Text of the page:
Banking sector confused by mixed indigenisation messages

Zimbabwe’s banking sector is said to be in a state of serious confusion, because of the mixed messages emanating from key figures in the industry about indigenisation.

National Indigenisation and Economic Empowerment Board chairman, David Chapfika, was quoted last week as saying foreign banks had a July deadline to submit proposals on how they would comply with the Indigenisation Act.

Chapfika was quoted by the ZBC as saying that that any attempts to resist the ZANU PF programme would be futile, because no sector was exempt from the rules.

“There are no sacred cows, there is no special sector. At this point saying the banking sector is special would be foolhardy,” Chapfika said.

Reserve Bank Governor Gideon Gono on Saturday then attempted to try and calm the situation by insisting that there won't be any immediate changes and the banking sector would not yet be forced into meeting the indigenisation laws.

The laws require foreign owned firms in the country to hand over 51% of their shareholding to indigenous Zimbabweans, and so far the campaign has hit the mines industry the hardest. International mining houses like Impala Platinum have already submitted to the so-called empowerment campaign, signing over a 51% share handover deal.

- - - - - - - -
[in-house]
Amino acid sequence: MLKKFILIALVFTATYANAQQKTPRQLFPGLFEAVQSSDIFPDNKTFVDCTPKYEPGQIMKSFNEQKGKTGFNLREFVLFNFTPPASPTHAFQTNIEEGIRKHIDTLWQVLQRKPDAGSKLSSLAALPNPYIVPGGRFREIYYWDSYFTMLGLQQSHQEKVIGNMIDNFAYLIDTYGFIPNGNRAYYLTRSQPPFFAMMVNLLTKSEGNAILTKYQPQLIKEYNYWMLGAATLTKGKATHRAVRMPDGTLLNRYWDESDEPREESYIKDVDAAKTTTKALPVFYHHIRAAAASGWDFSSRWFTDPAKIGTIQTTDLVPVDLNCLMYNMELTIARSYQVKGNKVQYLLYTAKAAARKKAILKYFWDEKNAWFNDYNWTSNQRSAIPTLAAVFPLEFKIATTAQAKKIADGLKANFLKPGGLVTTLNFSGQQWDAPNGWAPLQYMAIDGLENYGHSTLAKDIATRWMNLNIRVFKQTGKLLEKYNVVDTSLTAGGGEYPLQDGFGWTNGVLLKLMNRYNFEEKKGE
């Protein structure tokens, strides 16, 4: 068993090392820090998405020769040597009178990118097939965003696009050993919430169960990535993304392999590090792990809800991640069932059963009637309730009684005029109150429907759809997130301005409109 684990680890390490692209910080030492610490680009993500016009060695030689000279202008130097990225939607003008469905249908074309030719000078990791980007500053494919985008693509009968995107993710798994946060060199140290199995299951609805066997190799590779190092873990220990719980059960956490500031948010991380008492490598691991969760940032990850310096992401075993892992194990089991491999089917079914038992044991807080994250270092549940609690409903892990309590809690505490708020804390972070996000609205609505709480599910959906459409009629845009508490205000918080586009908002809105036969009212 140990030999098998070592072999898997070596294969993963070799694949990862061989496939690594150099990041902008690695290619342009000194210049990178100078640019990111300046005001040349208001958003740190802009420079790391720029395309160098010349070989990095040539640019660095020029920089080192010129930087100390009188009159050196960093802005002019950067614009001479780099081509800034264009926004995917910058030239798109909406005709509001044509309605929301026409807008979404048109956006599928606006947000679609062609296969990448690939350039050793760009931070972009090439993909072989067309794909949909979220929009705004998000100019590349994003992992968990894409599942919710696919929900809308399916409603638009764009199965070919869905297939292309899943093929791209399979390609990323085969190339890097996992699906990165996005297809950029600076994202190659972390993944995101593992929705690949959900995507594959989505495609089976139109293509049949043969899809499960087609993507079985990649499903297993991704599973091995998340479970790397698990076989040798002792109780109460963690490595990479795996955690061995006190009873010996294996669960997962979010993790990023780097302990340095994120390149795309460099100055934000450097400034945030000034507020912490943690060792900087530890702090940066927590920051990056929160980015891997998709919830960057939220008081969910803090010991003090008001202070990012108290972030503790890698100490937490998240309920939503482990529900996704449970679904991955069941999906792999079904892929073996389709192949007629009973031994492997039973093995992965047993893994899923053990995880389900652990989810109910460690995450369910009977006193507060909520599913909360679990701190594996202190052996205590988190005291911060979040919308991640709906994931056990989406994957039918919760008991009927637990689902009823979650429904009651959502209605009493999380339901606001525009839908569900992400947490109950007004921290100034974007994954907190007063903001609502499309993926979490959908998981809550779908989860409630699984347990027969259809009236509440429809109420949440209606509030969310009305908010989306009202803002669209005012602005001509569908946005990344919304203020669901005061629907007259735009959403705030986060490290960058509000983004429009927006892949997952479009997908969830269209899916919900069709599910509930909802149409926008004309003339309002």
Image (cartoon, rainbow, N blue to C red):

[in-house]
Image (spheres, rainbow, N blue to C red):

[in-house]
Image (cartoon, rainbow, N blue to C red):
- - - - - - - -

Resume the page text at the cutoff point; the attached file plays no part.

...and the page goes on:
The banking sector appears to be the next main target, with international firms like Barclays and Standard Bank still heavily invested in Zimbabwe’s industry.

But economist Tony Hawkins told SW Radio Africa on Monday that the state of the banking sector is far from healthy, making the indigenisation deadline ‘unlikely’.

“My own feeling is that as far as the banks are concerned the state of the industry is not as healthy is what is being said. So it is unlikely that anyone is going to risk what Chapfika is expecting,” Hawkins said.

Meanwhile he explained that indigenising the banks is not clear cut, “because you are dealing with money that already belongs to indigenous people.” He said that, along with contradictory statements from government and other officials, there is little understanding about what will happen next.

“So you have to ask: What is being indigenised? Is it money? Is it brand names? And the truth of the matter is that the majority of Zimbabwe’s banks are already indigenised,” Hawkins explained. SW Radio Africa

Post published in: News

Leave a Reply

Your email address will not be published. Required fields are marked *